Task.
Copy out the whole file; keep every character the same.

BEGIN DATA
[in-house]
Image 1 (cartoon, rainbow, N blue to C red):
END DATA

[in-house]
Image 1 (cartoon, rainbow, N blue to C red):